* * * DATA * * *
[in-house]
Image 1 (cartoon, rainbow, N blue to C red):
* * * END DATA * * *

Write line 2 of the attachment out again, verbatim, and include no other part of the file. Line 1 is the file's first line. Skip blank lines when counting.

Image 1 (cartoon, rainbow, N blue to C red):